Villagers take on mining firm: Australian company blamed for closing road, dumping waste in village
Parishioners of a town in the southern Philippines are seeking the help of the provincial governor to compel an Australian mining firm to clean up the waste it allegedly dumped in their community.
The mining company, Greenstone Resources, not only dumps waste but has also closed a road used for transporting products, residents of the Saints Peter and Paul parish of the town of Tubod in Surigao del Norte said over the weekend.
Greenstone officials were not available for comment today. Joseph Hurado, Greenstone’s local spokesman, said Friday that questions would be answered by Australian company officials if they were available.
The villagers fear continuing mining operations by Greenstone in their area would endanger the local church and the school in Cawilan village.
“We experienced flooding we never thought would occur here in Cawilan last February and March this year. [The floods] damaged crops, livestock and other properties. [It happened] after Greenstone dumped their mine waste from the open pit they are rehabilitating at Cawilan creek,” said Bonifacio Dano, co-chair of the town’s parish pastoral council.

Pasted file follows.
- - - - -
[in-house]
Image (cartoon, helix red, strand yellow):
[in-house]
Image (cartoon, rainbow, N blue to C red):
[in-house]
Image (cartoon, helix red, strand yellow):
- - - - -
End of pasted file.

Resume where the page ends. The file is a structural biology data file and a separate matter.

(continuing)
Dano said the parish had asked Greenstone to stop its operations but its “continuing defiance forced us to bring our complaints to Surigao del Norte governor Sol Folcadilla Matugas.”
“We are optimistic that Governor Matugas will see for herself how this mining firm damaged our biodiversity,” Dano said.
Parish officials are also concerned that their problem will be compounded by the opening of Greenstone’s mineral ore processing plant soon, as they will have to deal with emissions and “possible dumping of toxic wastes.”
Cawilan village officials passed a resolution on August 15 opposing the closure of a provincial road connecting three villages, saying it was a farm-to-market road used by farmers and fishermen from Lake Mainit.
Greenstone allegedly wanted to close the road because the daily activities of residents were hampering their operations and posing danger to the residents.
But the provincial board members claimed the mining firm closed the road without asking permission and just sought permission after residents in the area began complaining. (Original post here)